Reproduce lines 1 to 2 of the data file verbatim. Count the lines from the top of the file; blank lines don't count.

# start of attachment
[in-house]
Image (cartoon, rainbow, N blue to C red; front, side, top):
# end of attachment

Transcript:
[in-house]
Image (cartoon, rainbow, N blue to C red; front, side, top):